Book Review: Shock Totem #6

shocktotem6Shock Totem #6
K. Allen Wood, editor
Shock Totem Publications
ISBN: 978-0988272323
2013; $6.99 trade paperback, $2.99 ebook

I reviewed Shock Totem #5 when that came out and found the magazine’s sub-title ““curious tales of the macabre and twisted” to be apt. I said then that Shock Totem was “one of the strongest horror fiction magazines on the market today” and now, having read issue #6, I stand by that assessment.

Let’s start with Shock Totem #6’s table of contents:

* The Spectacular Inspiration Suit, by John Boden (Editorial)
* For Jack, by P.K. Gardner
* Orion, by Michael Wehunt
* The Hard Way: A Conversation with Gary McMahon, by John Boden
* Ballad of the Man with the Shark Tooth Bracelet, by Lucia Starkey
* She Disappeared, by Ryan Bridger (Narrative Nonfiction)
* Strange Goods and Other Oddities (Reviews)
* No One But Us Monsters, by Hubert Dade
* The Cocktail Party, by Addison Clift
* Bloodstains & Blue Suede Shoes, Part 4, by John Boden and Simon Marshall-Jones (Article)
* Lighten Up, by Jack Ketchum
* Magnolia’s Prayer, by John Guzman (2012 Shock Totem Flash Fiction Contest Winner)
* When We Crash Against Reality: A Conversation with Lee Thompson, by K. Allen Wood
* The River, by Lee Thompson
* Howling Through the Keyhole (Author Notes)

Mild plot spoilers for a couple of the stories contained in this issue follow.

There’s too much going on here to go through each item individually, so I’ll just note a few of this issue’s highlights. As with other issues of Shock Totem, this one contains a mix of first-time or mostly unknown authors and some bigger names. I like and respect that. Many readers will be drawn to Jack Ketchum’s story because he’s a big name, but as good as it was, I have to say that I enjoyed some of the other tales in this issue as well if not more than “Lighten Up.” This issue opens with “For Jack,” a strong entry from first-timer P.K. Gardner meditating on the idea of “soulmates” and the compromises that people have to make in relationships. Oh, and a really cool serial killer. I look forward to reading more from Ms. Gardner. Horror fiction naturally plumbs the depths of the meanings of various fears, but “No One But Us Monsters” by Hubert Dade manages to tell a fascinating story of a man who’s afraid to go down into his dark basement. I know that premise makes this sound like a very mundane, small story, but it really resonated with me. This was definitely one of the stand-outs of the collection and was a real testament to Dade’s wordsmithing skill. I normally shy away from politically infused fiction, but “The Cocktail Party” by Addison Clift was a truly horrifying short piece – seriously, it’s a gutpunch once you realize what’s going on – that explores a very visceral side of the raw abuse of power by political elites. Clift’s notes on the story imply that his inspiration involved his disgust over abuses of power during a previous administration, but given recent revelations about apparent government abuses of power and trust, this is an extraordinarily timely piece. I’ve also got to note that Shock Totem continues its tradition of including a substantial author notes section in the back of the issue, which I really appreciate. I always like to read author’s reflections on their work, and I wish more publications would follow Shock Totem’s lead here.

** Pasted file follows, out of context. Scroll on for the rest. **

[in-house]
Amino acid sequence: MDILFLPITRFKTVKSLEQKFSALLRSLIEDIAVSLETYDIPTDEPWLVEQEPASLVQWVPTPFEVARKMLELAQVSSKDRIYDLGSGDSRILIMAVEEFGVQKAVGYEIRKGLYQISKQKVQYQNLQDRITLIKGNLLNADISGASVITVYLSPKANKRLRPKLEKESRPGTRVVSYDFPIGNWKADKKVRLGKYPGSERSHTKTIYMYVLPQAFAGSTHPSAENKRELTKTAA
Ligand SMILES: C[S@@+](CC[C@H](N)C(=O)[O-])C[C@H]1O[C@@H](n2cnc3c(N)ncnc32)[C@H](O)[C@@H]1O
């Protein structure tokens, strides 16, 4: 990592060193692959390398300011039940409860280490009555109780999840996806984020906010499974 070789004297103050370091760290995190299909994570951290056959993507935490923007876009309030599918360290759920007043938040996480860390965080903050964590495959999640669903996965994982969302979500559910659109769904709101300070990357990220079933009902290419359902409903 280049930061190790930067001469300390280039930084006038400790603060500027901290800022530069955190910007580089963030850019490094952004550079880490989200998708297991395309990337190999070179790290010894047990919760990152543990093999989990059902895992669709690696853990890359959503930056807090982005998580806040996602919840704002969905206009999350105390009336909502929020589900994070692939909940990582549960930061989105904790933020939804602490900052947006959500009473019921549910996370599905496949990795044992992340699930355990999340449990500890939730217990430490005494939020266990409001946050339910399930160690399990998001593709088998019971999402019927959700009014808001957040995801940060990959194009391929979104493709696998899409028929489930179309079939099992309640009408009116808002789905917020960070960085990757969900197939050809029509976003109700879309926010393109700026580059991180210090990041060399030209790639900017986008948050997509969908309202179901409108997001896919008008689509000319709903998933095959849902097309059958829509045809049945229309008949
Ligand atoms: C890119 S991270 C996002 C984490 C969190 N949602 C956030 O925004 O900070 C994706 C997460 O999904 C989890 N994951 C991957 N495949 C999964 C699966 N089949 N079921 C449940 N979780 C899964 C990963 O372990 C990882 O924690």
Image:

There were no clunkers in Shock Totem #6. The stories ranged from good to wonderful. As with the rest of the magazine’s run, I recommend this latest issue heartily. This is exactly how a horror fiction journal ought to look.

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Review copyright © 2013 J. Andrew Byers

Book Review: The Phantom Detective: The Nasty Gnomes by Robert Reginald

{C57645F1-CAAF-4A71-B579-C404C453873F}Img100As I noted in my review of Reginald’s first new Phantom Detective book, the Phantom Detective was an extremely long-running pulp vigilante (a la the Shadow and Doc Savage) whose original adventures were published from 1933-53. Those works are now all in the public domain and being reprinted by Adventure House. A few years ago, John Betancourt of Wildside Books commissioned two all-new Phantom Detective novels, both written by Robert Reginald, and THE NASTY GNOMES is the second of those.

Mild plot spoilers follow.

THE NASTY GNOMES picks up where THE PHANTOM’S PHANTOM left off (note, though, that knowledge of the first novel is not required to enjoy this one). The Phantom Detective, the alter ego of Richard Curtis Van Loan, has nominally retired, but he has recently established a detective bureau on the West Coast to continue his work. Van Loan has returned to his old stomping grounds of New York City, where the city is being plagued by a rash of savage attacks by little people (it’s 1953, so they’re more commonly called dwarfs and midgets), who engage in a campaign of terror by repeatedly robbing, threatening, brutalizing, and extorting citizens before escaping into New York’s network of underground tunnels. Worse, these little guys seem to disappear even after they’ve been shot or otherwise put out of commission. Van Loan realizes he can’t deal with this crime wave alone, and quickly recruits a team of assistants, just as he had in California. The story gets a bit more complicated than that when it becomes apparent that the swarms of evil little people (the eponymous “nasty gnomes,” of course) are actually pawns of a larger conspiracy spearheaded by a crypto-John Birch Society represented in the story by real-life McCarthyite attorney Roy Cohn. The addition of Cohn and allusions to McCarthy and his witch hunts are a nice addition to the novel. (If Wildside had continued with new Phantom Detective novels, I suspect Cohn and this group would have popped up again.)